The Silk Road City Known As The 'Baklava Capital Of The World'

Pistachio is arguably one of the most attractive nuts, with its startling green flesh and earthy flavor, and Turkey is one of its largest producers. With groves upon groves of trees throughout much of the country, few regions are better renowned for their produce than the Turkish city of Gaziantep. The Khoshbin Group states that in 2018, Gaziantep hosted 22 million pistachio trees alone! And with all that pistachio comes a lot of power to make baklava.

Now, if you know your way around baklava, you'll know that it can use a few different kinds of nuts to make, but the most popular kind in Turkey, and especially in Gaziantep, is pistachio baklava, characterized by their sugared, golden filo, and vibrant green filling. Baklava was originally a Turkish delicacy, but today it is enjoyed in several Mediterranean and Middle Eastern countries. Jungle Jim's explains that baklava dates all the way back to the 11th century C.E. when nomadic Turks began to layer and pleat their bread and from that practice. From there, the sweet pastry we know and love today evolved. Modern sweet baklava is sometimes thought to have been popularized by a sultan of the Ottoman Empire, Suleiman the Magnificent, and became a well-beloved treat amongst his military.

Gaziantep's Antep pistachio

The city of Gaziantep, sometimes called Aintab or Antep, which are a few of its previous titles, has a rich and long history. Located in Turkey's southeastern region, Gaziantep is one of the few places surviving today that originated under the hands of the ancient Anatolians. According to All About Turkey, the city is the beating heart of pistachio nut production in Turkey and boasts many other quality agricultural products. To truly impress upon how incredibly old and historically relevant Gaziantep is, keep in mind that the Karkamis district of the city is where the Epics of Gilgamesh were set.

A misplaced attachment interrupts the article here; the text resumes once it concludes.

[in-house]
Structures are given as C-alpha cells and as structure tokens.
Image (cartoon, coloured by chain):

Silk Road Moments claims that Gaziantep was continuously conquered by many of the great invaders throughout the ages, including Alexander the Great and the Byzantines. Eventually, it became a part of the Ottoman empire in 1516. It was a key city along the infamous Silk Road and sold much of its olive oil, wines, wheat, and, of course, pistachios. This emerald nut is why the city is sometimes referred to simply as "Antep," which is a kind of pistachio.

Antep baklavasi

Given Gaziantep's long-standing history with both pistachios and the art of pastry-making, it makes sense the city has cultivated its unique type of baklava. According to Visit Europe, Gaziantep baklava, aka "Antep baklavasi," is characterized by the traditional butter layered phyllo (filo) dough which is filled with semolina cream (which is made from durum wheat flour) and Antep pistachio (Antep fıstığı) which are heavily produced and eaten in Gaziantep. The baked pastry is then drenched in simple syrup, which crystallizes and hisses when met with the baklava right out of the oven. The Gaziantep baklava can take almost any shape, from diamonds to thin carrot slices, but they remain consistently mouth-watering.

According to the New York Times, the city of Gaziantep boasts 100 baklava shops and produces 90% of all the baklava the country of Turkey eats in a year which is no small feat! Gaziantep baklava is consumed everywhere, at holiday feasts and other celebrations, and for good reason, the city's baklava is so special to the region that it is now under the protected status of the European Union. So, if you get the opportunity to visit Turkey, take the opportunity to visit the baklava capital of the world, where you'll have a one-of-a-kind dessert you'll never forget!